Fourth problem is posed by the EU itself. While leaders in Budapest and Warsaw are rather sceptical about further integration of the EU and the future of Czechia is unknown after the last election, Kurz still presents a staunchly pro-european attitude. Even after election he confirmed his will to help further integration and maintain cooperation with France and Germany. He also stated that Austria wouldn’t join Visegrad Group or any similar alliance and keep good relations with East and West without fueling tensions. At this point new V4 + Austria Group seems to be impossible. Austria still wants to be neutral, not engaged, open for dialogue and cooperation with the core EU countries. Adding that in second half of 2018 Austria will hold EU presidency, Kurz’s anti-european course seems highly unlikely.

But while Austrian intentions may seem clear, it’s harder to say the same for the EU. Kurz’s stance on migration opposes  the main strategy chosen  by Germans chancellor Angela Merkel. And Merkel’s approach to the new Austrian leader might be more hostile than it was during a former chancellor Kern’s term. At this moment it is really hard to predict the quality of  bilateral relations, because coalition talks in Germany broke several days ago. The broad alliance between Merkel’s CDU, Bavarian CSU, Liberals and Green Party is no longer an option and it is also unclear is it still possible for Merkel to hold office. There are two scenarios – renewed coalition with SPD, former CDU partner, or another election. Social democrats from SPD were strictly against longer cooperation with Merkel, but the possibility of another election  may make  them change their minds. If Merkel succeed in forming a coalition, it may create tensions between Germany and new cabinet in Austria and push Kurz closer towards Orban and Kaczynski. Common opposition against German dominance in EU is possible, especially when it comes to migration policy.

Leaving aside Kurz, who definitely getting  bad press in western world, there is someone who’s even more controversial  – FPŐ, Austrian Freedom Party, Kurz’s possible ally. The agenda of this party seems similar to German AfD or Dutch PVV, but FPŐ has a longer history and well, not a pleasant one. Created in 50’s by former Nazis, it exists in Austrian politics for more than half of a century. The last time it participated in the governing collation was  after 1999 elections with ŐVP. Back then FPŐ’s presence in the government  was strongly opposed by EU countries and led to sanctions against Austria. Is this scenario possible now? European Union has grown since then and it’s less homogeneous now. Sanctions require acceptance from all the other countries and are therefore very unlikely to happened – the case of Poland shows it without any doubt. Any action against ŐVP-FPŐ government on the EU forum will be blocked by Warsaw, Budapest and probably Prague. It may also force Austria to create close the ties with the V4 countries. This is an undesirable option for EU leadership and it  probably won’t let it happen.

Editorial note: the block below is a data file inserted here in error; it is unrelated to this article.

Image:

In Warsaw and Budapest politicians of the ruling parties will watch closely how relations between new chancellor and united Europe will develop. Kurz’s victory is a gift for them when it comes to internal EU politics. Even if European leaders decide to cooperate with Austria’s new government, Kurz still has  to fulfill his campaign promises about migration policy to maintain support for his party among the society. So  if EU wants to cooparet with Austria it will have to accep that, it also has to  ease its  stance on Polish and Hungarian refusal to the common migration policy, especially given that  the new leader of Czechia, Andrej Babis embraces an  even stronger anti-immigration rhetoric than Kurz. It seems likely that in Brussels will  decide to keep more moderate Kurz on their side and use him as a link between East and West of Europe just like Kurz wanted.

In conclusion, a new alliance between Visegrad Group and Austria under new leadership seems impossible due to differences between Austria and Eastern European countries. Moreover,  Sebastian Kurz is against the idea and wants to protect Austrian neutrality rather than to involve the state into a conflict within EU. However, it is not clear he could manage that while changing migration policy in his country against the key EU players. In light of his previous disagreements with Angela Merkel it seems to be possible. Also FPŐ as a coalition member rises doubts across Europe. This may result in actions against Austria on EU forum. Such actions may help to create cooperation between Austria and Poland or Hungary. The key question here is what are  the possible outcomes of German crisis and the future of German leadership in the European Union. Thus, while the scenario where Austria joins V4 is rather unlikely, we could see a space for cooperation between those countries on the EU Forum, especially regarding migration policy, security of common borders or counterbalancing the German dominance within the EU. However, we should expect short-term case-to-case coalitions rather than a stable, common front.